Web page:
Death in service to widow

Braganza v BP Shipping Ltd and another [2015] UKSC 17

The Supreme Court has ordered a death- in- service benefit to be paid to a widow, despite an exclusion clause in the contract preventing a claim if the deceased was at fault for their death.


Mr Braganza was employed by BP Shipping Ltd (‘BP’) as a ship engineer. He disappeared on a voyage and was later presumed dead; the reason for the disappearance was unclear, but the employer concluded that the most likely explanation was suicide.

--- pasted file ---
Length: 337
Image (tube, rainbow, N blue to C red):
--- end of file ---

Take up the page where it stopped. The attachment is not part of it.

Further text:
The employee’s contract provided for a death- in- service benefit, but clause 7.3 of that contract contained an exclusion clause for deaths resulting from the employee’s ‘wilful act, default or misconduct’ at sea. Mr Braganza’s widow brought a claim on the basis that she was entitled to the benefit.

At first instance, the High Court upheld the claim on the basis that it was for BP to prove that their conclusion that Mr Braganza had committed suicide was reasonable; the court held it was not.

BP appealed.

The Court of Appeal upheld the appeal, finding that BP’s conclusion that Mr Braganza had committed suicide was not unreasonable.

The Decision

The Supreme Court upheld Mrs Braganza’s appeal and ordered BP to pay the death- in- service benefit. The conclusion of suicide was Wednesbury unreasonable on the basis of insufficient evidence.